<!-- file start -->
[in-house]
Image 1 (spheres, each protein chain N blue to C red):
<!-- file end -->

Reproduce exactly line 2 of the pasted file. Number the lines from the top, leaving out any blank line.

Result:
Image 1 (spheres, each protein chain N blue to C red):